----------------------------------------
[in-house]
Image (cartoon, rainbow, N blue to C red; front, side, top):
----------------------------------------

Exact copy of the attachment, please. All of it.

[in-house]
Image (cartoon, rainbow, N blue to C red; front, side, top):